The Government has launched a public consultation on what social and environmental causes should benefit from more than £700 million of dormant assets funding in England.
Currently, dormant assets funding in England is required to be spent on three causes: youth, financial inclusion and social investment. As the national recovery from the COVID-19 pandemic continues, as well as cost of living pressures, the Government believes that now is the right time to review whether these remain the right causes for where funding from dormant assets can be allocated.
It comes as the Dormant Assets Scheme was recently expanded from bank accounts to include the insurance and pensions, investment and wealth management, and securities sectors, estimated to unlock around £880 million for good causes across the UK, £738 million of which will be made available for England over time.
Dormant assets are financial assets, such as bank accounts, that have been untouched for a long period. The Dormant Assets Scheme is led by the financial services industry and backed by the government with the aim of reuniting people with these financial assets. Where this is not possible, the Scheme unlocks this money for social and environmental initiatives across the UK.
Nigel Huddleston, Minister for Sport, Tourism, Heritage and Civil Society, said:
“This consultation will allow everyone’s voice to be heard so that the Scheme can make a difference where it matters. With the cost of living crisis, it is more important than ever that we hear views from communities up and down the country on what causes we should support.
I encourage everyone to participate in this unique opportunity to have your say on the future of dormant assets funding in England.”
To date, the Scheme has released £892 million, including £44 million allocated in England this year to tackle youth unemployment, to support communities in deprived areas, and give people in need access to finance.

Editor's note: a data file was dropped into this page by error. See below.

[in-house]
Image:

In England, the scheme has already channelled £110 million to breaking down barriers to employment for disadvantaged young people and £100 million to increasing access to fair and affordable financial products and services for vulnerable individuals. This is on top of £485 million of much-needed funding for both charities and social enterprises since the scheme’s inception.
This has included investment in thousands of social enterprises and charities working in the most deprived parts of the country through Access – The Foundation for Social Investment and Big Society Capital, such as £150 million of investment into 305 organisations supporting young people at risk of unemployment. Bemix CIC in Kent received £80,000 to further develop their “Discovery Catering” Cafe, which employs the young people they support and the Single Homeless Action Initiative in Durham (SHAID) received a £150,000 investment to support young people making the difficult transition to living independently.
Now, individuals, communities, and industry participants can have their say on what causes matter most to them. One option under consideration for views is a community wealth fund proposal that would see pots of money distributed over long periods of time in local communities in England, with decisions made by residents to make a difference where it is most needed.
Bruce Cane, Director of leading financial asset search company, Inheritance Data, said:
“The government is going about this the wrong way. While it is admirable that additional funds could go to social and environmental causes, the money in these dormant accounts belongs to someone. Particularly as we hit a cost of living crisis, it would better to establish who it belongs to and give them a financial boost.
A much more suitable consultation for the government to embark upon would be how to fully empower and enable people to search for lost accounts which they do not know about, using companies such as Inheritance Data.”